Let’s go hiking. Oh wait, look at the swell filling in … surfing anyone? Oh look, no wind all day, let’s paddleboard.
Fast forward a couple of hours, and you’re still dithering. Sound familiar? Welcome to the age of indecision.
Due to our digital lifestyle, we’re constantly bombarded with a plethora of information and according to scientists, we now have an attention span of 8 seconds, which is one second shorter than a goldfish. Oh my.
Thus, when it comes to adventuring, it can be hard to pick a sport and stick with it. Especially when time before/after work is short and weekends zip by in a flash.
Here’s where adventure combinations come into play. It’s the perfect way to blend activities and beat that indecision by maximizing your adventures. Double that fun in half the time.
SwikingSimply put, the ‘swike’ is a hike that ends with a swim. It’s preferable to be outdoors beside the ocean, or a lake -- but if you’re stuck in the city, you can hike on over to your local pool.
After all, a swike isn’t exclusively limited to country bumpkins. To commence, place your bikinis/budgie, smugglers/trunks under some hiking gear and off you trot.
Pre-emptively layering up saves you time shimmying in and out of clothes post-hike, meaning you can just strip off sweaty, sodden kit and leap in upon arrival to the water.
Make it as hardcore as you like. It could be a well-deserved dunk after a decent trek for a few hours, or you can take a leisurely stroll.
During these spicy summer days, the swim is the perfect antidote to cool off after the hike. Like guacamole is to a burrito, or teaming up bananas and peanut butter, this is an unbeatable combination; lurching from hot hike to a delightful dunk.
Even when it’s a little overcast -- or even cold -- the hike means you can work up a sweat to induce yourself to wade into the ocean/lake/body of water for a swim at the end.
To make it extra gnarly, bring some climbing shoes and try clambering down if you’re alongside the coast to find some secret swim spots.
LuppingLupping is the combination of standup paddleboarding (SUPing) and lunch. Eating is a sport, right?
If you haven’t tried paddleboarding, you’ve got to get on board. It keeps boredom at bay if it’s a flat day on the ocean, and it’s ideal for meditative paddling sessions whilst keeping you fit; working on both body and mind.
Added to this, it gives you unique access to excellent ocean climbing spots (if you can tie up your board on a handy sea stack) as well as secret beaches, caves or grottoes accessible only by water.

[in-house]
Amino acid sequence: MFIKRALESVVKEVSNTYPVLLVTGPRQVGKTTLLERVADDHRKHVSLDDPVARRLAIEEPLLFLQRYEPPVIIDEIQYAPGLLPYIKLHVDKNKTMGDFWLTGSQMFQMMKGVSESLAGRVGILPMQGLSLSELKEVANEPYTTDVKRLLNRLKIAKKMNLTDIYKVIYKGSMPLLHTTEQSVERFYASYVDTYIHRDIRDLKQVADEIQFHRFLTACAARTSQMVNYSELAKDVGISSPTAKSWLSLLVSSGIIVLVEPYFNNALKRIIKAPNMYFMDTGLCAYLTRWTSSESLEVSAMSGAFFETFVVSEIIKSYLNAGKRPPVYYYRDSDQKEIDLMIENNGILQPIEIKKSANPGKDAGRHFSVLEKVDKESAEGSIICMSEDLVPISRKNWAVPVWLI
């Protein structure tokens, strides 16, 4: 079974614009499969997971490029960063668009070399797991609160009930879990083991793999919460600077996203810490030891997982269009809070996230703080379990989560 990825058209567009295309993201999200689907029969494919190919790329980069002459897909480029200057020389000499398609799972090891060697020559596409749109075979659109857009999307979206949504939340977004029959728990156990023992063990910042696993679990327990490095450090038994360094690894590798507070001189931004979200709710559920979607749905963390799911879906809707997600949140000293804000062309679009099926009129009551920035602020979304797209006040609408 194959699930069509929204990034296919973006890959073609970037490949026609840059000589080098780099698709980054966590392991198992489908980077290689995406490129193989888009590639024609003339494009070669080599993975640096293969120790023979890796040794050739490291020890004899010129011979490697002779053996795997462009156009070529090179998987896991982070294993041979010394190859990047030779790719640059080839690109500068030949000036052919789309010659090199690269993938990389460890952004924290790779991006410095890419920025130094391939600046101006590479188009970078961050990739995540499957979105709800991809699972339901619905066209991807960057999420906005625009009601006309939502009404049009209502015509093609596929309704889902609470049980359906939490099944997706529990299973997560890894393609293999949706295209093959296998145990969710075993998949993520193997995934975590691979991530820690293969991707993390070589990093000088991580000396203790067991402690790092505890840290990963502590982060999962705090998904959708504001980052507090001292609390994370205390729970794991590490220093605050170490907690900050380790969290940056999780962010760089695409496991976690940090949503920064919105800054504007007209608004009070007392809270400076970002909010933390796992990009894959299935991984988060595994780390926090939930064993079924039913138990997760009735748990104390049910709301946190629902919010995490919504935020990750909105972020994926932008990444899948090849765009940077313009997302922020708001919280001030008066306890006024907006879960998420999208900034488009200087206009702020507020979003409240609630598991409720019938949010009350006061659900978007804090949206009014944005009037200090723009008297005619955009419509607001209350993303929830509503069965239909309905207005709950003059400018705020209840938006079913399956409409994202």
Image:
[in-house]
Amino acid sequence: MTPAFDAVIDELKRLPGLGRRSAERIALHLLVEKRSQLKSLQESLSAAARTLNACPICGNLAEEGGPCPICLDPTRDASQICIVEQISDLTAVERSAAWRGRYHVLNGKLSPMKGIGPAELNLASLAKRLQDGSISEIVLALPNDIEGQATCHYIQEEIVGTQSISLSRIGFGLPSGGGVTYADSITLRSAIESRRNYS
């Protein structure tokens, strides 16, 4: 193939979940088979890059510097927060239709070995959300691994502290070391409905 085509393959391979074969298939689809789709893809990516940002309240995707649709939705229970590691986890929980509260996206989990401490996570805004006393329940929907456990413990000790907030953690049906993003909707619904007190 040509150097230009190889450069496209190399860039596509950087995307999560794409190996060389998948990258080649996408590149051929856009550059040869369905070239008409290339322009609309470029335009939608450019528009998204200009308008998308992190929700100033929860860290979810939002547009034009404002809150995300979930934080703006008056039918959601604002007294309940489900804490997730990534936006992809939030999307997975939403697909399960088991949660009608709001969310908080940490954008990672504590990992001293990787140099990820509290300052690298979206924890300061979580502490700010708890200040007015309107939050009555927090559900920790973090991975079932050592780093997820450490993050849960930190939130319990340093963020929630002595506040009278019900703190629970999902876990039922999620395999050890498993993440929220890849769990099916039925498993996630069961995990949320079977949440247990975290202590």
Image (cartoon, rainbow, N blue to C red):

Landlocked? Check your local maps, and find some inland lakes to explore.
Hard work deserves reward so once you’ve used your paddle power, you can refuel by wolfing down whatever treats you’ve prepared either sitting on the board in the water, or back on the beach.
Strapping your feast onto the board is pretty simple on most standup paddleboards with the help of a waterproof bag. After all, nobody likes soggy sandwiches.
Obviously sticking to the healthy theme goes down well (think of filling a Tupperware box with a hearty barley salad) but if you’re craving s’mores roasted over an open fire on a deserted beach, go hog wild.
If you’ve got a bit more time, you can take camping gear and figure out a decent beach (or inland island on a lake) to camp at post-paddling.
This would make it “camp-lupping” or “clupping,” which is sort-of-maybe the same word as “clubbing.” Both most likely performed on a weekend, but with quite the different outcome the next morning.
That feisty hangover and potential dance-floor regrets synonymous with clubbing, to be contrasted with waking to the tranquil sounds of nature in a secluded sandy spot as a newly converted “clupper.” Sunday mornings will never be the same.
FiyakingCombine fishing and kayaking and you’ll be off “fiyaking.”
Grab a kayak, sort a rod and paddle out into the water. It’s environmentally-friendly (compared with firing up an engine on a traditional fishing boat), improves your paddling prowess and allows for reflection on the water whilst waiting for a bite.
Catch and release in the name of conservation, or snaffle a few fish for a BBQ. Fiyaking is also a great sport to get ripped.
In the end, it’s not all doom and gloom -- those same scientific studies regarding our waning attention span show that we’ve actually become better at multitasking.
So, if you’ve got a real ineptitude for choice, incorporate all three combinations. Start with swhiking to a spot where your kayak is, dabble in some fiyaking, snare some fish, strap them to your standup paddleboard and paddle to a remote beach to grill up your catch.
If you can fit that in before work on a Tuesday morning, you can give yourself a well-deserved pat on the back. And always remember: Make sure to check weather conditions before heading out on any sort of outdoor adventure.
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